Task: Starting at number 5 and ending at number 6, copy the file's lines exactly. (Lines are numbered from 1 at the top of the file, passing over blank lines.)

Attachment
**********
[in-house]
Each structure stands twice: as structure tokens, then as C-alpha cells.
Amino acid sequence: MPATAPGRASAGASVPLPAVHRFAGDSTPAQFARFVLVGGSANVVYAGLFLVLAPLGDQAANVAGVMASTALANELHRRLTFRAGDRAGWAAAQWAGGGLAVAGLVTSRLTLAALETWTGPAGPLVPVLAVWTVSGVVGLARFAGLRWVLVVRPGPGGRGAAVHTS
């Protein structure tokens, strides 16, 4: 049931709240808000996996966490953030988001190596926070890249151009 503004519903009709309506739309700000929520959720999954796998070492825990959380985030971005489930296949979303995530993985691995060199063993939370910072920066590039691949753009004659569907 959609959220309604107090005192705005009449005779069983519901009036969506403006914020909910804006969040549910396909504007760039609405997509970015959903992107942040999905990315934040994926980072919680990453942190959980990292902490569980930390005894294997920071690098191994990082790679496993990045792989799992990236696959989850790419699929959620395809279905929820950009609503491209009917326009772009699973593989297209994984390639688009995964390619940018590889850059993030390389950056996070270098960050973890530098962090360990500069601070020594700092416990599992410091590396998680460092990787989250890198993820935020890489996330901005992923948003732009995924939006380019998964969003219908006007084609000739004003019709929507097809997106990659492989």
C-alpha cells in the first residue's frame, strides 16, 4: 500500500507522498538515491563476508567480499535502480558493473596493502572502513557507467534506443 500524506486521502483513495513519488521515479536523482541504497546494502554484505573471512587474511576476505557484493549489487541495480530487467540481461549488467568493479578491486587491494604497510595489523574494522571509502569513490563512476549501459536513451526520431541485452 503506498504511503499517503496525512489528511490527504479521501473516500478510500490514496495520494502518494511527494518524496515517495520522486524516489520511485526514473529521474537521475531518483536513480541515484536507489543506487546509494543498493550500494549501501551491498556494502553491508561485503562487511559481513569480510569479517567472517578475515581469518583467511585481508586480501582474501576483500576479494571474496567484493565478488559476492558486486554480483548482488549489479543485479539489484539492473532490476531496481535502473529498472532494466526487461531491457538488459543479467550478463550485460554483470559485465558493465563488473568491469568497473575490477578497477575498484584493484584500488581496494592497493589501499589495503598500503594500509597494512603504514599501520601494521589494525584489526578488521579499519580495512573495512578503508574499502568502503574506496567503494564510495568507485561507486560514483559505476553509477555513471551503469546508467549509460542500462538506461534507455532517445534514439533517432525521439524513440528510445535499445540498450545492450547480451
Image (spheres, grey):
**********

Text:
C-alpha cells in the first residue's frame, strides 16, 4: 500500500507522498538515491563476508567480499535502480558493473596493502572502513557507467534506443 500524506486521502483513495513519488521515479536523482541504497546494502554484505573471512587474511576476505557484493549489487541495480530487467540481461549488467568493479578491486587491494604497510595489523574494522571509502569513490563512476549501459536513451526520431541485452 503506498504511503499517503496525512489528511490527504479521501473516500478510500490514496495520494502518494511527494518524496515517495520522486524516489520511485526514473529521474537521475531518483536513480541515484536507489543506487546509494543498493550500494549501501551491498556494502553491508561485503562487511559481513569480510569479517567472517578475515581469518583467511585481508586480501582474501576483500576479494571474496567484493565478488559476492558486486554480483548482488549489479543485479539489484539492473532490476531496481535502473529498472532494466526487461531491457538488459543479467550478463550485460554483470559485465558493465563488473568491469568497473575490477578497477575498484584493484584500488581496494592497493589501499589495503598500503594500509597494512603504514599501520601494521589494525584489526578488521579499519580495512573495512578503508574499502568502503574506496567503494564510495568507485561507486560514483559505476553509477555513471551503469546508467549509460542500462538506461534507455532517445534514439533517432525521439524513440528510445535499445540498450545492450547480451
Image (spheres, grey):